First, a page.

What Does A Businessowners
Policy (BOP) Cover?

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What does a businessowners policy (BOP) cover? A business owner's policy combines important insurance coverages like commercial property, general liability and business income in one packaged policy.

What Does A Businessowners Policy (BOP) Cover?

What Does A Businessowners Policy (BOP) Cover?

If you're thinking about starting your own business, there are a lot of things you are going to need to get into place in order to set yourself up for success. Of all these things, insurance is one of the most important.

Commercial insurance protects your business from the various risks that exist. There are several types of policies available. Of these options, commercial liability and commercial property insurance are the most important.

Instead of carrying individual policies for each of these types of coverages, you might want to consider a Businessowners Policy, which combines both commercial liability and commercial property insurance into one policy. But what does a businessowners policy (BOP) cover?

What Benefits Does A Businessowners Policy Offer?

For many small business owners, a BOP is an easy and convenient option. Since it combines different types of coverages, such as commercial liability and commercial property insurance (two coverages that most businesses are generally required to carry), as well as other coverage options into one policy, it really simplifies your business insurance needs. What does a businessowners policy (BOP) cover?

You won't have to deal with the hassle of finding and maintaining separate policies. Plus, it can be a much more affordable.

Business Owners Policy Explained

Business Owners Insurance Package Policy

A Businessowners Policy (often simply referred to as a BOP), is an insurance policy that combines commercial property and commercial liability insurance coverage into a single policy. It safeguards your business from various risks, such as theft, fire, third party bodily injuries, advertising injuries, and other types of disasters that could impact the operations of your organization.

This type of policy can also be customized to meet the specific needs of your business by including coverages that are considered optional, such as business income, data breach, and accounts receivable coverage.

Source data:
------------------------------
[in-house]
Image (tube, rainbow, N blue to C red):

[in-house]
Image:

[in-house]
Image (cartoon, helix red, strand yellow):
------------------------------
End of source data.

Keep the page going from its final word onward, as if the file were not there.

General Liability Insurance. In regard to liability coverage, the broader it is the better. The general liability insurance a business owner's policy offers covers a business should it be sued for damaging someone else's property or for causing harm to another person. It also assists with the cost of legal fees that you may incur.

Commercial Property Insurance. A business owner's policy can also protect your business' property, whether that property is owned, rented or leased. It covers various things, such as the building, the furniture, the inventory, the equipment, and the fixtures within the business. There are two different forms of commercial property coverage in a BOP; standard and special (which provides more comprehensive coverage). It also offers coverage should any accounts receivable and important documents be lost.

Business income insurance. Should some unforeseen circumstance arise that will that cause the operations of your business to be suspended, the business income insurance offered in a BOP can help to replace your lost income in order to assist you with meeting any financial obligations you may have that cannot be put off, such as paying your employees or your rent. It can also include the extra expenses of operating out of a temporary location.

As mentioned, you can add other coverage to a BOP to ensure your business has the protection that it needed. Following are some additional coverage options that businesses often opt to add to a business owners policy:

What Business Owners Policy Doesn't Cover

BOPs typically do not cover:

So what does a businessowners policy (BOP) cover? When determining which type of coverages you should include in your policy, consider the specific types of risks that are associated with your business. Also, keep in mind that some types of coverages aren't permitted with a BOP policy, such as commercial auto and worker's compensation insurance.

Who Should Consider a Businessowners Policy?